The truth is that most highly creative people are extremely committed to their craft or area of specialty, but they can certainly be distractible if not led well. There is a method to their madness, though, and because they tend to be more aware of stimuli in the environment and tend to be able to make loose connections between them more easily, they can quickly get off track. This isn’t a bug; it’s a feature. This awareness and ability to see patterns can be of tremendous benefit if it can be channeled into the work that the organization values. However, you need to do your job as a leader and regularly communicate your values, the problem you’re trying to solve, and the existing constraints for the project so that the team understands its parameters well.
I realize that I have been painting with a broad brush. Are there creative people who want total freedom? Of course. Are some flaky and unable to focus? Sure. Are there creative people with overinflated egos? You bet. However, holding these broad stereotypes about creatives does more damage than good, and you can’t let them persist inside your organization. You need to fight for and defend your team. Every creative pro is unique and will have to be strategically and intentionally led, but there are a few things that most of them need in order to thrive.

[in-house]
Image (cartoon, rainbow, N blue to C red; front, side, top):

Excerpted from Herding Tigers: Be the Leader That Creative People Need by Todd
Henry, published on January 16, 2018 by Portfolio, an imprint of Penguin Publishing Group,
a division of Penguin Random House, LLC. Copyright © 2018 by Todd Henry.
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Whether or not women think beards are sexy has to do with "moral disgust"
- A new study found that women perceive men with facial hair to be more attractive as well as physically and socially dominant.
- Women tend to associate more masculine faces with physical strength, social assertiveness, and formidability.
- Women who display higher levels of "moral disgust," or feelings of repugnance toward taboo behaviors, are more likely to prefer hairy faces.
Beards and perceptions of masculinity<img type="lazy-image" data-runner-src="https://assets.rebelmouse.io/eyJhbGciOiJIUzI1NiIsInR5cCI6IkpXVCJ9.eyJpbWFnZSI6Imh0dHBzOi8vYXNzZXRzLnJibC5tcy8yMjU5OTg0MC9vcmlnaW4uanBnIiwiZXhwaXJlc19hdCI6MTY0NzkxMjM3N30.cH-GqNwP5GVqvstgJWAhBPn1B_lYpVEAI0I7iax7EQw/img.jpg?width=1245&coordinates=0%2C1900%2C0%2C849&height=700" id="caae6" class="rm-shortcode" data-rm-shortcode-id="cb0a355a4e8e1899789bc45f3f7aef56" data-rm-shortcode-name="rebelmouse-image" />